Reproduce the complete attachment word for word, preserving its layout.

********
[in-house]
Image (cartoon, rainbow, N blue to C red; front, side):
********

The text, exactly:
[in-house]
Image (cartoon, rainbow, N blue to C red; front, side):